Archive for September 1st, 2011


Can Microsoft Survive the Cloud?

We’re ranging a bit afield from our usual SEO-related topic today to ask an important question: has Microsoft positioned themselves right out of relevancy in today’s internet? We ask this because, having just spent 2 freaking hours trying to recover from an epic “automatic update” fail, it occurs to us that perhaps MS’s business model is in trouble.

MS built their Byzantine Empire on a bedrock philosophy of intimidation. They intimidate their suppliers, their competitors, their potential competitors, their employees, and their customers. They always have and it’s always worked. Being the biggest bully in the room is how Papa Gates and Co. sewed up the operating system market, the office software market, the email client market, the server software market, and the browser market. The resulting tsunami of cash did nothing to persuade them to try any other path.

But here’s the thing: having the power and weight of numerous lucrative near-monopolies has calcified them. They are slow to market, slow to respond to missteps, and most importantly, slow to react to changing market dynamics. In a world where open source alternatives abound, Microsoft’s captive markets have begun to evaporate. First, Firefox (joined later by Chrome) chipped away at ponderous MS Explorer’s 70% market share, now at 50% (and falling). Their office suite dominance suffers threats from Open Office and now, more dangerous perhaps, Google Docs.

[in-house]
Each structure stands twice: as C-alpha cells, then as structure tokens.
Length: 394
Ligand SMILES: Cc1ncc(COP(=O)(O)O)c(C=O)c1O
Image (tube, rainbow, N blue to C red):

MS no longer can claim to be the only dog in the fight. They’re still the biggest dog, but the others are growing and MS is withering away.

And now, introducing the Cloud. All of the applications you will ever need are—or will soon be—available at no cost to anyone with decent internet access, which is fast becoming a basic human right. Word processing? No problem. Spreadsheets? Gotcha covered. Slide shows, drawing, calendars, email, messaging? Already to go. The last thing—and the giant killer—will be the operating system. Up to now, MS has used their Windows systems to beat back every challenge. But this one’s gonna be a bit tougher.

Because the Cloud’s operating systems are agile, flexible, multi-platform, and open source.

Here are five reasons MS will find it hard to migrate its dominance to the cloud:

  1. Tablets and smart phones and netbooks are browser based and don’t need Windows;
  2. Open sourced applications are inherently more adaptable and quicker to react to changes, technological, cultural, or legislative;
  3. MS software is bloated, ungainly, and unnecessarily paternalistic—how many “critical updates” per day are too many?
  4. Freeware and open source development is typically decentralized to the extent that buying the intellectual property (a standard MS tactic) is useless;
  5. Google has already built a solid foundation for the future: a gigantic, friendly, all-seeing, all-knowing, and above all useful temple in the clouds that MS will find virtually impossible to keep up with.

Unless Bill thinks of something dramatically different and desperately soon, Cloud computing will break MS’s back, unless they find a way to compete with free, easy, simple, and convenient. And find it fast. Because this cloud is getting darker and pretty soon it’s gonna rain.